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Tempting justifications of self

Is there something to the human perspective, to human psychology, that makes us choose and defend our own stance in life? As if, seeing things through our own eyes and making sense of them with our own brain, it’s a flow of thought we can’t have broken.

Maybe we need the psychological security of feeling our perception and logic to be flawless? The fundamental reassurance of not bringing ourselves into question or admitting any errors. It seems “reasonable” the mind would like to know it can trust itself; that our view of life and what we take things to mean is something we can rely upon (Notes One).

In terms of the self, don’t we seek similar security? The recollection of our past and the plans that carried us through it “needing” to be this coherent, unbroken, upward arc of our growth, agency and wisdom. Don’t we rely on our storyline plus the accompanying narration of our thinking, conclusions and interpretation of meaning to feel good about ourselves?

The mind seems funny like that: seeking to place ground beneath our feet. Ways of thinking surely reinforced by modern culture’s emphasis on evidence-based assessment: we “are” what we’ve done and what we say we’ve learnt from it. The spin we put on life is powerful (Notes Two), as we strive to turn everything to our advantage and shift focus until we’re somehow the key actor and star of the show.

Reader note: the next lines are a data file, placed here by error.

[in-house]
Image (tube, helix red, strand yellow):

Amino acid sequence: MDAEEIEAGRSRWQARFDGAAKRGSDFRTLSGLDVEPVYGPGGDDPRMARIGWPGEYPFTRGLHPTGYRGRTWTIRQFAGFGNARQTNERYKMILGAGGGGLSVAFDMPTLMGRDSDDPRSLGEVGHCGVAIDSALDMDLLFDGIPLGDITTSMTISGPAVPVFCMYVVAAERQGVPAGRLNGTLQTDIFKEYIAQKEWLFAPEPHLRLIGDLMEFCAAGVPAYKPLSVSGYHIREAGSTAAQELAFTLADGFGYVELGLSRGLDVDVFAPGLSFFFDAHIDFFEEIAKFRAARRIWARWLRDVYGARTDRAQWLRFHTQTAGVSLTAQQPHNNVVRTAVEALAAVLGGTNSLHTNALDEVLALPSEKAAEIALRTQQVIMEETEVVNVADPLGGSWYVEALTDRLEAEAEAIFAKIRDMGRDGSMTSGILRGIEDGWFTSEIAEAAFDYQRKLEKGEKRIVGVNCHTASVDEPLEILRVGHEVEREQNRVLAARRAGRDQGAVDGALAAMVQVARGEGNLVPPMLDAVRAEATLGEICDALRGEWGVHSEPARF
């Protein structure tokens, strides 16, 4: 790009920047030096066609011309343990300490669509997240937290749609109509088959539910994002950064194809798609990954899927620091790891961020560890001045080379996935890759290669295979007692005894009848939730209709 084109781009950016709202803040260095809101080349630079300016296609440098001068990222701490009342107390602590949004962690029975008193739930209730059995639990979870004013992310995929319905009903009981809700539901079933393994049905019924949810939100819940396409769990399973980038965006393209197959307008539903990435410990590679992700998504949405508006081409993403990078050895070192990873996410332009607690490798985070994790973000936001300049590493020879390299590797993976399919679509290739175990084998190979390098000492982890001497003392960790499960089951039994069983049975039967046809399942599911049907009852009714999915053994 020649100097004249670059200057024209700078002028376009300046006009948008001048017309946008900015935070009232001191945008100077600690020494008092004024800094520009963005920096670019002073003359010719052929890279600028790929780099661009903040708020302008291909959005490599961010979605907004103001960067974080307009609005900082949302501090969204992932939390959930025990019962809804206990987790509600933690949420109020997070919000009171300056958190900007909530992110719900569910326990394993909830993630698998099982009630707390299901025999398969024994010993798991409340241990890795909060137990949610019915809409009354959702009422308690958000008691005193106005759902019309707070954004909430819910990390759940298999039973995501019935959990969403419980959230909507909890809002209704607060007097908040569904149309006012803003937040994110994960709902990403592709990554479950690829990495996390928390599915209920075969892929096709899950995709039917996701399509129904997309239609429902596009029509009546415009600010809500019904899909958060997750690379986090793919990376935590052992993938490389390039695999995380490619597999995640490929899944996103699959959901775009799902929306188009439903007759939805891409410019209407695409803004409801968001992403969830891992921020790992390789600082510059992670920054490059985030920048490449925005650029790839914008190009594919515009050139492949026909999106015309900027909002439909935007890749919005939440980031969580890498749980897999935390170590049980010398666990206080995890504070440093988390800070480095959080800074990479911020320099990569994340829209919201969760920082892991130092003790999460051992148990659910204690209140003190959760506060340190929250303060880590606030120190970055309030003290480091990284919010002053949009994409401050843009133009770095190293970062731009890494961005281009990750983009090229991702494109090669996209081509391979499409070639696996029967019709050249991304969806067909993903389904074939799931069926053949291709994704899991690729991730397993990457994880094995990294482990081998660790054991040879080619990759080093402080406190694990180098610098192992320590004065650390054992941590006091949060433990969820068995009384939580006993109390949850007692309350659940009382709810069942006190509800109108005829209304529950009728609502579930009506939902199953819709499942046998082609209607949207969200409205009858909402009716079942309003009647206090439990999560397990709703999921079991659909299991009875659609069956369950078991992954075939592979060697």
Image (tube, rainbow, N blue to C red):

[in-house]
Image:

Especially in today’s “cancel culture” where making a mistake can see people’s “existence” effectively wiped out. Isn’t that a kind of “death”? This ostracisation of shame, labels and blame, where we assume a mistaken word or action speaks “the truth” of a person. Condemning people without allowing them the grace of emerging with deeper understanding seems problematic in a fast-moving, blended culture.

Doesn’t social judgement create personal insecurity similar to before? That risk of losing ground and feeling our sense of self is on shaky terms with our community. As individuals, our standing in relation to others could be akin to that inward feeling we have about the integrity of our experience and what it “says” about us: if our storyline’s compromised, who are we? (Notes Three)

How human is all this, though? To expect or claim perfection. To contort situations so we emerge victorious regardless of truth or consideration for others. What are we pushing aside or pushing under with this way of thinking? Is it self at the cost of truth, of others, of everything? How far can we go in justifying our behaviour simply because it’s ours? Does our culture even let us do otherwise?

It’s just a strange situation when identity, self-worth and social standing are tied to this thinking. Defending or rationalising ourselves, our conditioning, seems an odd way to go about living: aligning thought – truth – to our own, necessarily limited experience. Could we not, somehow, shift to a place of allowing humans to be flawed? Learning, evolving, moving beyond a simply personal understanding of life.

Notes and References:

Note 1: The value of a questioning attitude?
Note 1: Caught in these thoughts
Note 1: David Bohm, thoughts on life
Note 1: The sense of having a worldview
Note 2: Ways thought adds spin to life
Note 2: Complication of being human
Note 2: The struggle with being alive
Note 2: Letting people change
Note 3: Problems & the thought that created them
Note 3: Humans, judgement & shutting down
Note 3: The way to be
Note 3: All we want to do passes through community

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